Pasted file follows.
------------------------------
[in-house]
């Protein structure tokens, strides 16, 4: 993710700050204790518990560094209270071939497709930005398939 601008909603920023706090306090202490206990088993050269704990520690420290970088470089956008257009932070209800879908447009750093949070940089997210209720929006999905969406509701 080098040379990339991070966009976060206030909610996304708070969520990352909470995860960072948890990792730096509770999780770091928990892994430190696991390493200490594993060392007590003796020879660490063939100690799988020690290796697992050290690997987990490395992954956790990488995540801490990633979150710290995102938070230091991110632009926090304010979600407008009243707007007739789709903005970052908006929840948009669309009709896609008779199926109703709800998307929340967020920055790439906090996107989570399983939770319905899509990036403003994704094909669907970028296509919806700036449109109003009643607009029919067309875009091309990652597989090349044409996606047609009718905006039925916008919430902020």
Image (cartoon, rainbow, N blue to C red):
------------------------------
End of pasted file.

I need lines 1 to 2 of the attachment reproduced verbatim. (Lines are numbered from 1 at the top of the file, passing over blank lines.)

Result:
[in-house]
């Protein structure tokens, strides 16, 4: 993710700050204790518990560094209270071939497709930005398939 601008909603920023706090306090202490206990088993050269704990520690420290970088470089956008257009932070209800879908447009750093949070940089997210209720929006999905969406509701 080098040379990339991070966009976060206030909610996304708070969520990352909470995860960072948890990792730096509770999780770091928990892994430190696991390493200490594993060392007590003796020879660490063939100690799988020690290796697992050290690997987990490395992954956790990488995540801490990633979150710290995102938070230091991110632009926090304010979600407008009243707007007739789709903005970052908006929840948009669309009709896609008779199926109703709800998307929340967020920055790439906090996107989570399983939770319905899509990036403003994704094909669907970028296509919806700036449109109003009643607009029919067309875009091309990652597989090349044409996606047609009718905006039925916008919430902020």